By Leslie Thomas
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Extra info for Come to the War
Igor raised his Russian eyebrows at me. I shrugged. Three It was one in the morning when we reached the Dan Hotel but the city was still brimming with light and people. Igor went to his room, but I changed my clothes and went out again walking in the cool air up through some streets of trees until I came once more to the Dezingov. The clamour and the activity were not slowed. Now I was no longer in the car I knew there was music everywhere along the broad channel of the street, threaded between the people's voices and the coughing and blowing of the cars jammed under the blatant white street lights.
I leave Faith's flat early because her landlady does not like anyone being there all night. God knows why Faith has to live in the City. But she's always been there and she makes a good breakfast even though it's so early. She's very wifely. Her place is in Upper Thames Street which I like because from her bed you can hear the grunting of the ships on the hollow river. Faith is a nice, short, unusual girl, a librarian at the John Colne Music Library. We met about six months ago. When I stay at her flat she gets up with the alarm clock at five-thirty and does the breakfast; then I go up to Cannon Street and get the bus.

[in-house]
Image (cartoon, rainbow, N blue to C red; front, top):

She was drinking a Martini. She sighed. 'The war, the war. Everyone talks about it as though it were an accomplished fact, as though it were all definite and done. By one side or the other. ' 'You're English,' I said. I grinned at her. 'Let me see - perhaps a girl ambulance driver in the war. ' She looked at me quietly. ' 'I am sorry,' I said. 'Oh, it's fair if it shows,' she protested holding her hands forward. 'I'm "White Cliffs of Dover" vintage, all right. But you got the other thing wrong.